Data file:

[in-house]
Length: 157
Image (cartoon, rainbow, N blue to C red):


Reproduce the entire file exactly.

[in-house]
Length: 157
Image (cartoon, rainbow, N blue to C red):